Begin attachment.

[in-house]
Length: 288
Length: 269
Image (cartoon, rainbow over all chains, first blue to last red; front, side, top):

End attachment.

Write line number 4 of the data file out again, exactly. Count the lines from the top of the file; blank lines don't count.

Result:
Image (cartoon, rainbow over all chains, first blue to last red; front, side, top):